It was a lot of fun. I love everyone in the band and it was easy to hang out with them and get things done. With that record they had done some of the basic tracking before I started working with them and they needed a place to do overdubs and record all the vocals. My family and I had just moved to L.A. from Brooklyn and I had a little studio in the back of the house we were renting, which I was thrilled about since, coming from New York, we weren’t used to having so much space. At any rate, the band would all come into town once or twice a month and we’d spend a day or two tracking vocals and other instruments. I’m not sure how long that went on for, maybe four or five months. Midway through we actually did end up going to another studio for a day to re-record drums as well as a couple of the newer songs…it’s a little fuzzy at this point which ones, but we did a lot of tracking that day! The album really came out amazing, I just listened to it the other day and it’s even better than I remembered.

That’s cool that you worked on the Reni Lane album — probably not many people have heard it though. How did that opportunity come about?

I actually only worked on one track on that record: “Ready.” That came about through my friend Sam Bisbee. He’s a great songwriter and performer and at that time I think he had just landed a publishing deal so he was working with all kinds of different artists, writing tons of songs. I had recorded and mixed a lot of his records so he was always hiring me to work on different projects with him. Reni had just landed a deal with Custard and Sam had a bunch of tunes on the album. “Ready” was actually one of Sam’s personal songs; Reni really liked it and wanted to do her own version. Between Sam and I we put together what’s on the record‚ and I programmed drums/percussion on it, played bass, and some keyboards as well.

Thanks for sharing Bo! Keep up with Bo’s work at BoBoddie.com

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Interview: The Mynabirds

Check out our Q&A with Laura Burhenn of The Mynabirds — she talks all about songs from the upcoming album Lovers Know (which comes out this Friday)!

The Mynabirds Interview

After The Show: Lovers Know has songs with really rich textures and sonic layers – how are you planning to reproduce that sound (especially the backing vocals) on tour?

Laura: Well, I’ll be touring with a full band and we’ll attempt to fuzz it out as much as we can altogether live. I recently bought this amazing magical box that I use to process my voice live. It creates loops and harmonies, and I like to joke that I’ve replaced my backup singer with a robot…

Bradley (Hanan Carter, who produced the record and whose vocals are all over it) is touring live with me as well, so we’ll be doing the female-male vocals live together.

What did you learn on your tour as a member of the Postal Service?

I learned so much on that tour! Above all, I learned that being good people should always come before making good art. Ben, Jenny and Jimmy are some of the most creative and talented minds I know and that I’ve worked with. But above that, they’ve all got hearts of gold. Seriously. If you’re going to ask a crew of people to leave their homes and help you give your vision to the world, it helps when everyone is feeling loved and appreciated and is enjoying themselves. It was a real joy, that tour.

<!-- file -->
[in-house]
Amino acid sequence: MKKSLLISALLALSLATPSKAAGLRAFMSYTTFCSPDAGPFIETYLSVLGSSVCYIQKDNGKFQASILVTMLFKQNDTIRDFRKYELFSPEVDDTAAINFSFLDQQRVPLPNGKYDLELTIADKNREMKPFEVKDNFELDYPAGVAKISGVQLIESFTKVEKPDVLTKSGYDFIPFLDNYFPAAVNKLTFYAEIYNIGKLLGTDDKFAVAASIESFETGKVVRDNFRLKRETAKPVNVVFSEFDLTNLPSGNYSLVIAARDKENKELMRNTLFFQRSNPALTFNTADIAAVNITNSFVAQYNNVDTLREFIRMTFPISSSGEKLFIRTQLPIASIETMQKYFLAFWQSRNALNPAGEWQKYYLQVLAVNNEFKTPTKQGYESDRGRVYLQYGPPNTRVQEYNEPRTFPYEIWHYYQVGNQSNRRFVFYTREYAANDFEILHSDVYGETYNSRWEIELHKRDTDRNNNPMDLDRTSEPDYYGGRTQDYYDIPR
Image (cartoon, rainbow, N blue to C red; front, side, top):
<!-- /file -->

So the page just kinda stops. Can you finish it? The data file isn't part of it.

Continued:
And the light show!!…Although it was pretty hilarious that I never even saw it until I saw videos of us playing. Yeah — you’ve got to have a great team of people who can help you see the big picture. That’s another important lesson to take home.

In “Semantics,” the juxtaposition between water (half empty, ice, rain, the water’s edge, fog, storm, cooling down) and heat (a thousand suns, dry up, Roman candle, lightening up, fire) is brilliant. Were you consciously making a connection between how half empty/half full is sometimes just a matter of perspective and “you can move mountains with your point of view”?

I was thinking in really elemental terms when I was writing Lovers Know. I had been watching a lot of Carl Sagan’s The Cosmos and actually started out writing an album about string theory, and the ties that bind us together. And then my relationship fell apart and I found myself writing about love and heartbreak, but the elemental pieces (fire, water, wind and earth) — those remained, as well as the hope that still leads you on. I think “Semantics” perfectly illustrates that — how you hope against everything being prone to destructing and fading away in the natural world.

But yes, it IS all about perspective — that’s the joy of semantics, in general. Words create our reality, and we can use them to make it better. Energy can neither be created or destroyed, right? So it’s all about turning it into something good and useful.

What did you envision thematically with “Orion”? I like how the name “Orion” simultaneously evokes the constellation, the Greek myth, but how it also sounds like you’re singing “Oh Ryan.”

I have always loved the constellation of Orion best of all. He’s the most recognizable in the night sky, and one of the few you can find all year long. So I was thinking about that — about the constant of “him” in my whole life, and about the mythologies we build up around our perfect match and mate, the one who has got to be out there — if only we could just find them. And so I wanted to sing about that — about how the dreams we build up can both kind of mess up our ability to love someone in a real, earthly and intimate way, and also how the hope for that one true love can help lift us back up after we’ve had a deep heartbreak.

I hear a little bit of “Fallen Doves” in “Omaha.” What inspired you to write “Fallen Doves” – did you really see a bird on the side of the road in Arkansas, or is it entirely metaphorical?